“What kind of person wants to have the same identical job for 35 years?”

For decades, activists across the political spectrum have debated whether the federal judiciary should have term limits. But the above question, recently posed in the hypothetical by retired judge Richard Posner, reveals how the jurists themselves may grow fatigued in their work.

The argument over lifetime appointments pits the need for detachment from politics in judicial decisions against the need for accountability for public officials. Thus far, the concern over political manipulation has outweighed the demands for oversight at the federal level, and no such term limits exist, though many states require specific terms of office and voter retention elections for judges at the district and appellate level.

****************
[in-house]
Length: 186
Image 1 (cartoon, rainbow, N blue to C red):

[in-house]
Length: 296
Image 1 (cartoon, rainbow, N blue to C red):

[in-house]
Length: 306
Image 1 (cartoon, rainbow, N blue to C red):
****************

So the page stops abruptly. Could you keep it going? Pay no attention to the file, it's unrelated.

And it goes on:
But in an “exit interview” with The New York Times, Posner, a Reagan appointee who recently retired from the U.S. Court of Appeals for the Seventh Circuit, inadvertently revealed how lifetime appointments can eventually make for sloppy judging. Speaking to the Times’ Adam Liptak, Posner said that the long tenure since his 1981 appointment had worn him down to the point that his interest in the case work had waned. “I started asking myself, what kind of person …read more

Source:: The Week – Politics

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